The IAM, which was voted out in 2003, says it was approached recently by some mechanics about representing them again. It’s the largest union at United, representing about 17,000 ramp workers, customer service agents and others.
The move comes as the Chicago-based airline begins negotiations with all six of its unions, and it could force the third change in representation for the mechanics in less than a decade.
IAM’s key selling point is its traditional defined-benefit pension plan; its members are the only United workers who still have such a plan. The company-sponsored pension plans were ended after parent UAL Corp. entered bankruptcy protection, and they were transferred to the Pension Benefit Guaranty Corp., which pays a fraction of the original amount.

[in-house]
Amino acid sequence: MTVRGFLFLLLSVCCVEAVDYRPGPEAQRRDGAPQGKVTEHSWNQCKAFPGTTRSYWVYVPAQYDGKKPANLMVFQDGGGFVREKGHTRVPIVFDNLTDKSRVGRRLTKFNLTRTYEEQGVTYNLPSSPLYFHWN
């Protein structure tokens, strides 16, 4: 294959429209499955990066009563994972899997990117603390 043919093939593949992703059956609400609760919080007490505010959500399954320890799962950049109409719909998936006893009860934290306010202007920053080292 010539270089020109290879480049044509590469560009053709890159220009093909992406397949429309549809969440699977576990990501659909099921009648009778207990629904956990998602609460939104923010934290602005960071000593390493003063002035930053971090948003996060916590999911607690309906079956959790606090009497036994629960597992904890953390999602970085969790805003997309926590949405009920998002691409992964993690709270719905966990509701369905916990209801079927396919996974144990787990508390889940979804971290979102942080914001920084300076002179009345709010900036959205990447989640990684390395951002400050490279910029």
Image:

United switched its retirement program to a 401(k) plan with a company contribution, lowering its labor costs. But 401(k) plans took a beating during the recent downturn that has left the stock market down by nearly half from its peak in 2007. IAM workers can contribute to United’s 401(k), but instead of a company match, they opted for contributions to the IAM national pension plan.
“Anybody who has looked at a 401(k) plan recently wishes they had a defined-benefit plan,” the union spokesman says.
United’s 5,500 active mechanics, including about 450 in Chicago, last year voted to be represented by the International Brotherhood of Teamsters. The Teamsters replaced the Aircraft Mechanics Fraternal Association, which ousted the IAM in 2003, when United was in bankruptcy.
The IAM will begin collecting signatures from 9,000 active and furloughed mechanics in an effort to force a vote. But because the mechanics selected a new union last year, the earliest an election could be called would be April 2010. Judging by the slow pace of labor negotiations in the airline industry, it’s unlikely United will have reached any agreement with unions on new contracts by then.
The Teamsters did not return calls seeking comment.